As a US citizen, you could certainly sponsor her, but immigration authorities may be somewhat suspicious that you are considering marriage after such a short time. You would not be filing a change of status, but would be filing an immigrant petition and application for adjustment.
If you proceed, you will have to both prove that the marriage took place because you want to spend your lives together, not to help her with immigration. Even when a relationship if absolutely genuine, red flags (such as a short courtship, different backgrounds, ages, religions, etc...) will mean that the application could be subject to additional scrutiny and take years and significant expense to resolve.
You will want to talk to an immigration lawyer who is experienced in this area before doing anything. Best of luck.
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Yes, you can get married and seek an immigrant visa petition for her which would allow her to file for adjustment of status. Hire an immigration attorney, do not pursue it on your own.
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As long as you are a US citizen, you can file for after marriage. I agree with my colleague though that USCIS will want a lot of documentation based on how short you have known. It best to consult an attorney.
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In addition to information provided in previous responses, note that generally a U.S. citizen may marry a foreign national who entered the U.S. lawfully and with inspection, and then may petition for the foreign national to "adjust status" to become a U.S. Lawful Permanent Resident (to get a "Green Card"). This may be accomplished while the foreign national is still in valid nonimmigrant status (such as B1/B2) or after expiration of that status, but doing so after expiration of the status may present some risks if the foreign national's status expiration were to come to the attention of immigration authorities.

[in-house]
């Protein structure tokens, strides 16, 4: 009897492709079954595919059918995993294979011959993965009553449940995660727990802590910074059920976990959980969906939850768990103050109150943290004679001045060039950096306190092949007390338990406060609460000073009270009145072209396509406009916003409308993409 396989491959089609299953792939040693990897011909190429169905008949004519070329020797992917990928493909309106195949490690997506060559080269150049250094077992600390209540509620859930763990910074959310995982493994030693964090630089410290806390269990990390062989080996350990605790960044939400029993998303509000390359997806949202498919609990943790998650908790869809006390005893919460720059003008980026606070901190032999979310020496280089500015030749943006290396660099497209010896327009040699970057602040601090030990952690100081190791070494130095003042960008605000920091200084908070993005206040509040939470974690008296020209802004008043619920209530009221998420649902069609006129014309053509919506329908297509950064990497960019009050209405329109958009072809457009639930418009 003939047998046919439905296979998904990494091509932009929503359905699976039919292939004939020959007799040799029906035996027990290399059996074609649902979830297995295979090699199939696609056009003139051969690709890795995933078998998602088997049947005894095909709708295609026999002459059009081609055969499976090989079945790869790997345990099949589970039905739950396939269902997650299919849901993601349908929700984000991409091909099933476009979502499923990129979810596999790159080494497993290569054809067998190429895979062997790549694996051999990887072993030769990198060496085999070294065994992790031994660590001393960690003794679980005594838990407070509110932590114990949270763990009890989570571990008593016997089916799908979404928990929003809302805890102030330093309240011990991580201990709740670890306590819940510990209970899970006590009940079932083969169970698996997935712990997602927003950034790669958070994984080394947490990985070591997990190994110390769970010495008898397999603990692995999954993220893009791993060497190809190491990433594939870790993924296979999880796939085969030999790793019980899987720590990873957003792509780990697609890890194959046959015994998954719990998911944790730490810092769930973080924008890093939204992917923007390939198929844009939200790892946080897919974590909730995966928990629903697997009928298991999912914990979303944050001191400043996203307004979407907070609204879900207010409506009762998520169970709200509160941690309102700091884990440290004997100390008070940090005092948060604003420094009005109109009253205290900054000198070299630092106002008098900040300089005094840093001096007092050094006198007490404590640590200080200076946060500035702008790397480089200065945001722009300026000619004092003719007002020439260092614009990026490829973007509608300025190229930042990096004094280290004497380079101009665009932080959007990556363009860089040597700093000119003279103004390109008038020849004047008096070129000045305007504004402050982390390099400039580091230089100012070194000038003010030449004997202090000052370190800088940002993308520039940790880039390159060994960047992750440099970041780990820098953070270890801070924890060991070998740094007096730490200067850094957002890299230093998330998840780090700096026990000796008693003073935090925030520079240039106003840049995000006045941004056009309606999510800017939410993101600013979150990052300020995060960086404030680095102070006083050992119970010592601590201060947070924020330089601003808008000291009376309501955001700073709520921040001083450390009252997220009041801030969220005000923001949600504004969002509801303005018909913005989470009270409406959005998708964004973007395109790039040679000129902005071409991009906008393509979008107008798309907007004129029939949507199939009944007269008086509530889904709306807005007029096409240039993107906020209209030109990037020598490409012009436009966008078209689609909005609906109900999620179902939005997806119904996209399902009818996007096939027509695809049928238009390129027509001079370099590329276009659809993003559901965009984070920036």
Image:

Especially in light of the relatively short courtship and marriage relatively soon after having entered the U.S. on a visitor's visa, it would be wise to engage an immigration attorney to learn all of the relevant details about the foreign national and the couple in order to advise about immigration eligibilities, options and strategies, and if a marriage-based adjustment of status application is to be filed, to assure that it is properly prepared and fully documented.
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As my colleagues indicated, you can do as you indicated, before the visa expires.
To promote family unity, immigration law allows U.S. citizens to petition for certain qualified relatives to come and live permanently in the United States. Eligible immediate relatives include the U.S. citizen’s: Spouse.
U.S. citizens who want their relatives to immigrate to the United States can file a Form I-130, Petition for Alien Relative, for their spouses.
Concurrent filing is when an immigrant petition and the adjustment application (application for a green card, Form I-485, Application to Register Permanent Residence or Adjust Status) are filed at the same time and mailed together with all the required filing fees and supporting documentation to the same filing location.
Consult with an attorney.
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If she returns to Egypt, you should expect extreme delays and great difficulty helping her immigrate. You would be very well advised to do it here. I see no reason why to extend her status if you plan to get married while she is in status.
The above is intended only as general information, and does not constitute legal advice. You must speak with an attorney to discuss your individual case.
Extending the B is NOT a good idea .... especially if you're going to get married.
Meet with an attorney as-soon-as-possible.
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